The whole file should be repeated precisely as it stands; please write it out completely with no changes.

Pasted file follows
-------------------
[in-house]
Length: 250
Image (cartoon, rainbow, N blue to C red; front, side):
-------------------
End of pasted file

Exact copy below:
[in-house]
Length: 250
Image (cartoon, rainbow, N blue to C red; front, side):